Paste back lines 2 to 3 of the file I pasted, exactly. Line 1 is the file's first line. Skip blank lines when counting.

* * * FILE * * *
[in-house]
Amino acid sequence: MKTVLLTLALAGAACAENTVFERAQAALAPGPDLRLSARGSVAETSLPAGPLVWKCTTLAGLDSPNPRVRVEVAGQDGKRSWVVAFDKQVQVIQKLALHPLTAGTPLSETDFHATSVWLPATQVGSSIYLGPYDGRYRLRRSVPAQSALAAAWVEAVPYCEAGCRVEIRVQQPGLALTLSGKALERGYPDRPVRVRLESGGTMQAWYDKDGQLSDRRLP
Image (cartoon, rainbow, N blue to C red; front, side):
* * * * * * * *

Amino acid sequence: MKTVLLTLALAGAACAENTVFERAQAALAPGPDLRLSARGSVAETSLPAGPLVWKCTTLAGLDSPNPRVRVEVAGQDGKRSWVVAFDKQVQVIQKLALHPLTAGTPLSETDFHATSVWLPATQVGSSIYLGPYDGRYRLRRSVPAQSALAAAWVEAVPYCEAGCRVEIRVQQPGLALTLSGKALERGYPDRPVRVRLESGGTMQAWYDKDGQLSDRRLP
Image (cartoon, rainbow, N blue to C red; front, side):